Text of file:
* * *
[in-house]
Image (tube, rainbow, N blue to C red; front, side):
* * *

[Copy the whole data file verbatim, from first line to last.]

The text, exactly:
[in-house]
Image (tube, rainbow, N blue to C red; front, side):